I think the man said something at this point. One guesses that it was something highly exclamatory—after all he had just schooled a man and if the recruitment ads on the subway have it right, teaching is an extremely rewarding profession—but I must admit that my recollection of these events is cloudy.
I do remember saying “What the hell?” as if asking, “Why did you just splash water on my pant cuffs with your Vespa?” Meanwhile the back of my head was tingling like I had just mainlined Selson Blue.
I was drawing my hands to my eyeball, and to ascertain that my crucial ocular device had not fallen to the pavement and rolled into traffic; and of course to indicate to this gentleman that his figurative club stroke had landed just shy of the Acceptable hole on the proverbial golf course of social comportment.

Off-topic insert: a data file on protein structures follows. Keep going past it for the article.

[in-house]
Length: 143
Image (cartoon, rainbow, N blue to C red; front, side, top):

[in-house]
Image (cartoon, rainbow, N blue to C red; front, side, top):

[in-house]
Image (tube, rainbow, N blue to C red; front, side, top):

In fact, if you will humor the image of this man on the fairway—and indeed his baseball cap identified him as a lover of sport—it would be safe to say that he hit the ball right into the Ass hole. Or I’ll tell you what, let’s skip all the hole imagery and just say that it was like instead of hitting the ball from the tee he had unexpectedly put his club down and punched his caddie in the face before a crowd of spectators.
And it is true there were spectators— appreciative ones, even—because as soon as this man juked me with his dukes, a couple of his friends on bikes called out, “Oh shit!!” like saying “Oh shit!! I’m definitely writing home about this!!” or “Oh shit, check it out! Saddam Hussein is in this foxhole.”